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Evaluating Our Work

The Laura R. Chasin Project for Monitoring, Evaluation, and Learning (MEL) encompasses a variety of research tools to measure and understand the impact of a dialogue project and to learn from that data to deepen our impact as we move forward. Click here to browse the selected archive of peer-reviewed and published research about EP's model and impact.

In 2016, Essential Partners made an organizational commitment to research and comprehensively evaluate the impact of our work. EP today boasts the industry’s leading research and evaluation system. We use research and the data from our research to learn as an organization, respond to growing calls for robust evaluation in the field, and tell powerful stories about dialogue.

Our Impact: What We Measure and How

As people engage one another in dialogue, communication habits shift, trust is restored, understanding is deepened. The group becomes more resilient and cohesive.

Not only that, dialogue participants feel more respected and understood even in the midst of deep disagreement. They move beyond stereotypes, assumptions, and implicit biases. When that happens, people feel a greater sense of belonging and begin to trust that other people—even those of different opinions, backgrounds, or ideologies—are committed to helping their community thrive.

To achieve this shift, EP trains local stakeholders to foster healthier conversations about the issues that drive polarization and conflict or silence and deadlock. We conduct research to co-design systems that support these conversations and co-develop plans to address local challenges.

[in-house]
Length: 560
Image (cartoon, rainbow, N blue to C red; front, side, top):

In our research and evaluation program, we look at impact over time. The research is conducted first through a set of interviews that take place three months after the project ends and occur at intervals for as long as two years. We conduct research and measure the impact of our work in four categories (or domains):

  1. Understanding Others and Being Understood

    Impact in this area is felt immediately in a conversation and can be measured with quantitative questions in pre- and post-project surveys.
  2. Willingness to Engage Across Differences

    In the short term, we measure this by asking how people’s willingness to engage across difference has changed since working with us. Over time, we measure personal transformation: How have people’s habits shifted?
  3. Equipped to Engage Across Differences

    Immediately after a project, we begin measuring how equipped people feel to engage across difference. We ask people to set goals and articulate clear next steps to apply what they’ve learned. In the long term, we measure perceived shifts in communication patterns within the community and resilience, defined as the capacity of a community to remain invested in one another in moments that threaten the identities of one or more groups.
  4. Healthy Relationships and Social Cohesion

    We begin to see improvement in trust and belonging immediately after dialogue and continue to measure the growth and healthiness of relationships over time.

The full downloadable PDF goes into more depth on each of these categories. Information provided includes details on how we measure each category of impact and the questions we ask to measure each category (or domain).

High-Level Findings